The second state in my northern trip was Bauchi state which is the pearl of the tourism and only Three hours away from Kano . You can read up about my Kano experience here. On arrival in Bauchi, we went straight to the Emir’s palace where we were welcomed but couldn’t go into the palace as they had a meeting ongoing, however we took some pictures in the compound and went to the first Prime Minister of Nigeria’s Tomb .
The tomb is the final resting place of the first Prime Minister of Nigeria . It was declared a national monument on August 29, 1979 by the military administrator of the state at the time, Brigadier Garba Duba. The construction of the tomb and the building enclosing the grave began in 1977 and it was commissioned in July 1979. The tomb also includes a reference library and a mosque.
The tomb is beautiful and our guide also made us understand that the colors in the tomb represent the various ethnic groups of Nigeria . The late prime minister’s first son interestingly visits the tomb every Friday.
The museum here highlighted the life and times of the prime minister . We got to learn about his simple lifestyle , religious dedication , his educational background as well as his family life .Check out Nigeria's first Prime Minister's Tomb Click To TweetWe were also shown the last bed frame he used, his praying mat, his wristwatches and caps . This particular space reminded me of Fela’s room at kalakuta museum as well as Obasanjo’s room while in prison which is at the OOPL.
We got to try some local snacks particularly masa which is made from rice . We also tried yamarita and suya too and we retired for the night . The next morning we took a two hour drive to Sumu Wildlife park . The park was established in 2006. The Namibian government donated 100s of wildlife to the Bauchi state government, these animals were brought from different game reserves in Namibia to Bauchi and include giraffes, zebras, blue wildebeest, red hartebeest, oryx, kudu, springbok and common impala. During our visit, we saw mainly giraffes and zebras however the guide informed us that there are various species of animals.
From the Sumu Wildlife park, we went to the Gidan Madakin Palace which was built in 1860 by Zaria’s celebrated master builder Muhammed Durugu, a local genius popularly referred to as ‘Babban Gwani’. Durugu was famous for designing the palaces of the emirs of Northern Nigeria and was said to have been killed by the Emir of Zazzau after he built his palace for fear that he might build a better one elsewhere. The Palace was declared an Ancient Monument on February 16, 1956 by the National Commission on Museums and Monuments.Did you know about this Palace in Nigeria that was built in 1860? Click To Tweet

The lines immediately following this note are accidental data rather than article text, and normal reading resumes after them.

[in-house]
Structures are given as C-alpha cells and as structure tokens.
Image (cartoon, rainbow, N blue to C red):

The people here were welcoming and the crowd of people that came around us made me feel special. The palace was quite fascinating to me and I was happy that the place was still kept well for people to visit. Our last stop for the day was to the Gubi lake/dam which is a man made Lake and a place where you can just appreciate the beauty of Nature. We got dinner and retired for the day. The next morning we departed Bauchi town to the Yankari Game Reserve which was a ninty minutes ride. On arrival, a gate fee of 2,000 Naira for adults and 800 Naira for students is to be paid.
The first thing to note is that the baboons in Yankari are in charge and would grab any nylon they come across . One of the baboons entered one of our rooms and stole our bread. After settling in, we spent the rest of the afternoon in the Wikki warm spring, pictures do not do justice to this place and it’s a place I think every One in Nigeria should visit as it an experience of lifetime. I had a great time and I am sure you will as well.
The next day, we took a day trip to Gombe which I would share about next as it was only three hours from Yankari Game reserve. After we returned from Gombe , we went on a safari ride within Yankari in the morning before we left . We did not get to see as many animals as we had expected and this was because there has been a lot of poaching happening in the game reserve . It is really sad that these poachers would not let the animals be. Nonetheless, as we got into the reserve , our guide took us to Marshall Cave which were discovered in the early part of the 20th century. The Marshall Caves are fifty-nine dwellings dug into sandstone escarpments. hide from slave raiders associated with the Emir of Bauchi and/or Arabic slave raiders coming down from the Sahara region. The caves feature rock paintings and engravings in various lines, presumably created by their initial inhabitants.
We went round the cave, took pictures and departed for our next state. I totally enjoyed my stay in the pearl of tourism and would love to visit again. I am thankful that there is so much to do in Nigeria .
Have you been to a Bauchi? What was your experience? If you have not, is Bauchi on your list? Feel free to share your thoughts and questions with me.
Bauchi is my 19th state in my Journey to visit 25 Nigerian states before turning 25!
LOVE FROM YOUR FAVOURITE AJALA!